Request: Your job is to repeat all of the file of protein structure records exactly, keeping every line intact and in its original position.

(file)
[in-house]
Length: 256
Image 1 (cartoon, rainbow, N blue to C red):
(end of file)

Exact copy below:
[in-house]
Length: 256
Image 1 (cartoon, rainbow, N blue to C red):